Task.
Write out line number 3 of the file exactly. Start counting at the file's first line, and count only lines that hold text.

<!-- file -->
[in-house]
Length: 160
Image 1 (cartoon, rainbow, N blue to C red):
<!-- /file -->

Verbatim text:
Image 1 (cartoon, rainbow, N blue to C red):